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Arts & Culture

Bob Goepfert Reviews "The Normal Heart" At Curtain Call Theatre

 Kris Anderson and Chris Foster in The Normal Heart
Amanda Brinke

One of the more notable things about the production of a “The Normal Heart” presented at Curtain Call Theatre in Latham through April 30, is that it generates a span of emotions ranging from compassion to outrage.  

The play, written by Gay activist Larry Kramer in 1985, generates outrage as you experience the Gay community being ignored as an unknown plague begins to take the lives of its members.  It gets worse as it is revealed that it took thousands of lives before anyone in authority began to acknowledge a disease even existed.

The compassion comes as the play personalizes the stories of individuals who are helplessly dying in a world that marginalizes their existence.  

Making it worse it this is a true story about the outbreak of AIDS in the early 1980s and the lead character is a standing in for the playwright.

The play revolves about Ned Weeks, one of the first people to realize a plague had infested the Gay community.  Weeks is not a temperate or reasonable man.  He frequently calls the government’s non-response to AIDS research Gay genocide, and drew comparisons to what was happening to Gays with the Holocaust.  

The play suggests that because the Gay community was forced to live closeted lives, many never felt secure about their sexuality and questioned their right to love and be loved by another man.  The alternative was a flamboyant, hedonistic lifestyle centering about casual sex.

Because Weeks is such a toxic, angry person, easily lost are his insights about how society dismisses minorities who seem different.  He realizes that Gays would not find respect as long as they lived in the closet.  He is an early advocate for Gay marriage, monogamy and even celibacy.  

Kris Anderson is remarkable as he is able to show Weeks as an unforgiving zealot who cannot help but offend everyone. That is until Felix Turner enters his life.   He permits himself to fall in love, and his scenes as a lover are awkward, tender and always sincere.  Anderson offers a dynamic portrayal that’s able to display the abrasiveness of Weeks, while also finding the man’s dedication to a cause.  It’s a great portrait of a very complicated man.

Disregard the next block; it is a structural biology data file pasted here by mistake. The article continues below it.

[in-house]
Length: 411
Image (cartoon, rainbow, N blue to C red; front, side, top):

Indeed, the acting by each member of the 10-person cast is excellent.  It’s a cast of all-stars, but standing out are Nick Bosanko as the comical Tommy, Ed McMullen as Ben Weeks, a man struggling to support his brother, and Michael Lake as Bruce, a successful businessman who has much to lose If exposed as gay.

However, equal to Anderson’s work is Chris Foster’s portrayal of Felix.  He’s heartbreaking when he contracts the disease and evolves from a self-assured fashion writer for the New York Times to a scared man who is desperate for answers. One of the play’s rare subtle moments is when his sexual preference denies him a death with dignity. Sadly, the production denies him the same thing.  Because his death scene is staged in an awkward, rushed manner it negates the emotion of the moment.

“The Normal Heart” is about AIDS, but it is also about any issue concerning a marginalized group of people.  It is a story about one zealot, but truly is a play about people who see clearly the time in which they live.  It is about public advocacy and how one very loud voice can be heard by a bureaucracy.  It’s about life and, regrettably, about needless death.

“The Normal Heart” is not a perfectly constructed play.  It has 16 scenes over two acts, most of which involve only two people, which fosters exposition.  The second act is loaded with monologues which do little to move the story forward.   However, the honesty and passion found in each scene is the reason the play should be seen.

“The Normal Heart”, though not a perfectly constructed play, but it is great theater.  It continues at Curtain Call Theatre in Latham, Thursdays through Sundays until April 30.  518-877-7529.

Bob Goepfert is theater reviewer for the Troy Record.

The views expressed by commentators are solely those of the authors. They do not necessarily reflect the views of this station or its management. 

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